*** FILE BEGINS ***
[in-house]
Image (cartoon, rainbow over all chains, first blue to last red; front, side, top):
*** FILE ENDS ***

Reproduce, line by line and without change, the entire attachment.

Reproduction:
[in-house]
Image (cartoon, rainbow over all chains, first blue to last red; front, side, top):